If you are a Yankee fan, it is a HUGE thrill running up and down the decks and laps on the field. If you are not a Yankee fan, there is still a HUGE thrill running the stadium, passing the dugouts and home plate - eclipsed by the expansiveness of bleachers, billboards, and scoreboards.
Afterward, we retreat to my house - lounging and rehydrating in the living room.
In the center of the room, is a small chest that serves as a coffee table. It is the first piece of furniture I ever bought, and I love it as much today as I did when I first saw it roosted in a storefront window on Greenwich Avenue in 1983. Does that make it an antique? It wasn’t then but it’s been 40 years. What defines an antique and if it is, am I an antique?
Inside the chest is memorabilia that spans the course of my life ranging from Congratulations on Your Baby Girl cards given to my parents, hair wrapped in waxed paper from a pixie haircut my father arranged, against my mother’s wishes, on our way to the World Fair, report cards and class pictures tucked between treasured memories of my father and children.
My daughter lifts the lid to the chest and pulls out items that speak to her. First, a book she wrote in the 2nd grade titled, “The Monkey that ate too much Candy,” and reads it out loud. Airport Man focuses on a yellowed newspaper dating back to 1997. On the left column of the front page, is a picture of me as it relates to an article about female-owned and operated businesses. Beneath my picture is Oprah’s. I saved the paper not so much for the article but because my picture is above Oprah’s.
He is seated, calf over thigh, in a low-ride, Jonathan Adler lounge chair. The paper is open wide, shielding his upper torso when Ling uncovers a ripped page from one of my journals, preserved in a plastic sleeve.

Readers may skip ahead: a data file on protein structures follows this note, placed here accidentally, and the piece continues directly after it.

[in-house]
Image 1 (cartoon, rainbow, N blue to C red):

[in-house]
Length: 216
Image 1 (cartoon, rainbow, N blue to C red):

“I know what this is,” she declares as she studies the list of names that line the left side of the page. “these are all the men you’ve slept with!” she spews.
With that, Airport Man, folds down the paper and uncrosses his legs. All eyes, including my grandsons, are on me. “No, no, no… those are men I’ve dated,” I counter.
“Why isn’t my father on here?” she asks. The list is so old that her father and my third husband are not included. “I ran out of paper,” I say, jokingly.
No one is laughing. Especially, Airport Man.
She scans the names and screeches… “Tommy Lee! You slept with Tommy Lee?!?”
I stand, emboldened by my beloveds, and as best I can. defend myself.
“Not THAT Tommy Lee! Not Pamela Anderson's Tommy Lee.”
“My Tommy was a third-string quarterback for the New York, Jets by the time we… dated. He destroyed his career when he got into a car accident and blew out his knee.”
With that Ling, Pete, and Jacky Blue hastily departed. And I was left alone with Airport Man.
Airport Man is furious – humiliated that my sexual encounters have been aired out in front of him. I do my best to calm him, knowing how ridiculous he sounds but understanding how vulnerable this makes him feel.
I do my best to soothe him, “It’s been 40 years. 40 years since I briefly… dated him.”
Despite my efforts, nothing settles.
On the morning of his departure, we wake to sheets that are tussled and bundled at the foot of the bed.
“Do you know how humiliating this was for me - to hear about your sexual escapades, in front of your family!!!”
This is the moment I realize Airport Man is a staunch conservative.
From this point on, few words are spoken. There is no morning sex. We ride in silence to the airport. When he exits the car, he will not hold my gaze. He is polite but abrasive. I am crushed.
I wake several times that night… Tommy Lee’s cock is deep inside my mouth. I try to speak but his cock is huge, stiff and all-consuming. I am choking.
The nightmare revisits me, over and over again. It is by far, the hardest thing I have ever had to swallow.